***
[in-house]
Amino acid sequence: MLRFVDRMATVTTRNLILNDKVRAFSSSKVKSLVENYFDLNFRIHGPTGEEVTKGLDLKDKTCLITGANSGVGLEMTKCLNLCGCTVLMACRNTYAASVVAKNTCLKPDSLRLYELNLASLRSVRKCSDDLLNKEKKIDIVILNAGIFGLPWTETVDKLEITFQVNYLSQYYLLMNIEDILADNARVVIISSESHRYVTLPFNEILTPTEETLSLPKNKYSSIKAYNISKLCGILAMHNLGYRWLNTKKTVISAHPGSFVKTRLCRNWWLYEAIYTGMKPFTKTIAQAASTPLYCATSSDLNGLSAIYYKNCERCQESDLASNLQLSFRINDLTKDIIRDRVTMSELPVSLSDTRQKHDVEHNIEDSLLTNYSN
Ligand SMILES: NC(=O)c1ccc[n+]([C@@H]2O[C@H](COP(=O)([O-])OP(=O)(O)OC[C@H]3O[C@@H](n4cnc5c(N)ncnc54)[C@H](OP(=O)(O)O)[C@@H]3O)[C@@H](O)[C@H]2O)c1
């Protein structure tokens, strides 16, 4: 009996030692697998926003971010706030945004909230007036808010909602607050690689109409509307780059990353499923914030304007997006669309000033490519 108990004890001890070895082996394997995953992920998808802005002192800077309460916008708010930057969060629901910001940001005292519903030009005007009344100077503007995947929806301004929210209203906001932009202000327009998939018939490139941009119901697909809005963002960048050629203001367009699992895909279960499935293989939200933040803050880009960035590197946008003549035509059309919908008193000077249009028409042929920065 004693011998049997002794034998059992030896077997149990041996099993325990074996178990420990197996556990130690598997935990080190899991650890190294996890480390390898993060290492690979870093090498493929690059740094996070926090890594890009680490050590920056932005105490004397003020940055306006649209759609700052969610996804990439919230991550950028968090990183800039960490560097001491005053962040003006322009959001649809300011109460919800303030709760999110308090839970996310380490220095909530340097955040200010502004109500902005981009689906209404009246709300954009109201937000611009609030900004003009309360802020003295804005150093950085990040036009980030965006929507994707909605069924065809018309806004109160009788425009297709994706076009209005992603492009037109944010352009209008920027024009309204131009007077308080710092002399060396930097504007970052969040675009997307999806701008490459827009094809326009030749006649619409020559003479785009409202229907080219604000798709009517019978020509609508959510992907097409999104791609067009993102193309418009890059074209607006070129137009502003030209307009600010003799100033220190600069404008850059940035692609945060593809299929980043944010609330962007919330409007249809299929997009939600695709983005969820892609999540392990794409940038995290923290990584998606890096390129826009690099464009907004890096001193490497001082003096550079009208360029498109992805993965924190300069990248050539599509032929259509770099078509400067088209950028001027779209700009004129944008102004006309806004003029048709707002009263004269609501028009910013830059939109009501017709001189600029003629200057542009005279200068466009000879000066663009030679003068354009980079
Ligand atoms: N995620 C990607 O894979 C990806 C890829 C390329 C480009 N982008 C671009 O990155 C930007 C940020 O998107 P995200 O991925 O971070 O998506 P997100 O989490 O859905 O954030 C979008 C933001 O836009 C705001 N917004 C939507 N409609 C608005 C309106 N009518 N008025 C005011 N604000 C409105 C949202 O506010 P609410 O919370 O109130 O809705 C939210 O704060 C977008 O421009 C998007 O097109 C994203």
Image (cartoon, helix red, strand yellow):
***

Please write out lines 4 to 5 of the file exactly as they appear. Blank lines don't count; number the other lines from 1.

């Protein structure tokens, strides 16, 4: 009996030692697998926003971010706030945004909230007036808010909602607050690689109409509307780059990353499923914030304007997006669309000033490519 108990004890001890070895082996394997995953992920998808802005002192800077309460916008708010930057969060629901910001940001005292519903030009005007009344100077503007995947929806301004929210209203906001932009202000327009998939018939490139941009119901697909809005963002960048050629203001367009699992895909279960499935293989939200933040803050880009960035590197946008003549035509059309919908008193000077249009028409042929920065 004693011998049997002794034998059992030896077997149990041996099993325990074996178990420990197996556990130690598997935990080190899991650890190294996890480390390898993060290492690979870093090498493929690059740094996070926090890594890009680490050590920056932005105490004397003020940055306006649209759609700052969610996804990439919230991550950028968090990183800039960490560097001491005053962040003006322009959001649809300011109460919800303030709760999110308090839970996310380490220095909530340097955040200010502004109500902005981009689906209404009246709300954009109201937000611009609030900004003009309360802020003295804005150093950085990040036009980030965006929507994707909605069924065809018309806004109160009788425009297709994706076009209005992603492009037109944010352009209008920027024009309204131009007077308080710092002399060396930097504007970052969040675009997307999806701008490459827009094809326009030749006649619409020559003479785009409202229907080219604000798709009517019978020509609508959510992907097409999104791609067009993102193309418009890059074209607006070129137009502003030209307009600010003799100033220190600069404008850059940035692609945060593809299929980043944010609330962007919330409007249809299929997009939600695709983005969820892609999540392990794409940038995290923290990584998606890096390129826009690099464009907004890096001193490497001082003096550079009208360029498109992805993965924190300069990248050539599509032929259509770099078509400067088209950028001027779209700009004129944008102004006309806004003029048709707002009263004269609501028009910013830059939109009501017709001189600029003629200057542009005279200068466009000879000066663009030679003068354009980079
Ligand atoms: N995620 C990607 O894979 C990806 C890829 C390329 C480009 N982008 C671009 O990155 C930007 C940020 O998107 P995200 O991925 O971070 O998506 P997100 O989490 O859905 O954030 C979008 C933001 O836009 C705001 N917004 C939507 N409609 C608005 C309106 N009518 N008025 C005011 N604000 C409105 C949202 O506010 P609410 O919370 O109130 O809705 C939210 O704060 C977008 O421009 C998007 O097109 C994203």